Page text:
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Jason’s dream for us to resume our camping life at last comes true and the tent we have not used for more than a year (or two) is brought out, gets wet with cold morning dew and feasted on by greedy ants while we slept.  It’s in our family DNA to backpack and bask in nature’s glory.  Why did we ever wait this long to rediscover this old truth?  All thanks to a typhoon that got us stuck in Iloilo and after two nights of living too comfortably in a hotel walking distance from the usual gigantic SM mall, we thought too much convenience is not good for the soul and sought the mountains.

At first, it was quite a bummer not being able to take the RORO to Bacolod where we ideally wanted to celebrate Christmas with our friends who have become family.   Ferries were canceled because of the impending typhoon Ursula.  Somehow, we managed to squeeze joy out of the hassle because right across the hotel was a street side restaurant that served fresh oysters for P80 a bucket.  Jason and Lele, his friend from China and our travel companion, insisted on having both lunch and dinner back to back in the oyster place, since where else can you get such a bargain?  Our friend from Bacolod tipped us off about Bucari, the Baguio of Iloilo where we found a campsite.  Though we didn’t stay in a tent that rainy night, the facilities were only for those willing to rough it out.

Jason was back in his element cooking for us.  Instead of eyes glued on a hotel TV, the kids played chess with their dad.  Two sets of bunk beds served as Jimmy’s gym.  The next morning we hiked up the fourteen stations of the cross and were treated to one gorgeous vista after another.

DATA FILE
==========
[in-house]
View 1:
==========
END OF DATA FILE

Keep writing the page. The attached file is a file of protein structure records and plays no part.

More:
After calling the coast guard every day to check on the ferry service, we were given the go signal on December 26 and took the third RORO of this trip, and once again experienced the chaos and inefficiency that’s sadly the hallmark and trademark of our nation.  Par for the course, expected, psyche yourself up — we smile through it all because a reward awaits on the other side.  Joan and her family prepared our favorite Chinese hotpot and it was amazing relief to plop our exhausted bodies in what felt like second home.  Giddy with excitement, Joshua and Jimmy were reunited with playmates Andy, Dylan and Kylie.  Joshua dared to eat balut because he saw Kylie relishing it.  We have homemade youtiao for breakfast and corned beef far from the blandness of budget inns.

Joan’s husband, my husband and Lele belonged to an outdoor club in China so it’s only fitting that our three families would celebrate the season with a camping trip with two treks to the waterfalls of Guintubdan.  Three men from China showed their cooking prowess on the grill and portable stove.  Six kids ran amok playing hide and seek in a wide, lush, terraced area.   One Superwoman from Bacolod orchestrated it all while one Filipina couldn’t stop eating.

Jason chose a spot to pitch our tent further away from the noise of other campers.  It was a spot suffused with the scent of flowers more intense at night than the day, a spot were the stars were closer and brighter, a spot where Jason could build his own fire and toast his feet above the coal.

Our First Airbnbs

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I’ve always wanted to try Airbnbs and now that I have, how can I ever go back to staying in hotels?  This is way, way, way better — much more space and the feeling of home for much less cost.  It gets addicting poring over the choices but once you’ve made the choice and dive into it, the rewards are enormous.